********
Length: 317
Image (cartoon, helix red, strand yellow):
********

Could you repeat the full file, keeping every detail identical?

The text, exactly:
Length: 317
Image (cartoon, helix red, strand yellow):